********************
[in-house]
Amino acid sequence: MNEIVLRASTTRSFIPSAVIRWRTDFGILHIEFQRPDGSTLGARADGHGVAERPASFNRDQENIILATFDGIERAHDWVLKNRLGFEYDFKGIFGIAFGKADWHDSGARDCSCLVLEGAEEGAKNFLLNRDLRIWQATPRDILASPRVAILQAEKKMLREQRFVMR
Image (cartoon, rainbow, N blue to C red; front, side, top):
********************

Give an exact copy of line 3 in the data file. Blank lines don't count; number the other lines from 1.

Image (cartoon, rainbow, N blue to C red; front, side, top):